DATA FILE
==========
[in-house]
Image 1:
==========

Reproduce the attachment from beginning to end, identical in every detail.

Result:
[in-house]
Image 1: